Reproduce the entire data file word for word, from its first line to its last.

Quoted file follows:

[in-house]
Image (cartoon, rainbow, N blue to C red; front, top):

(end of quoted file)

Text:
[in-house]
Image (cartoon, rainbow, N blue to C red; front, top):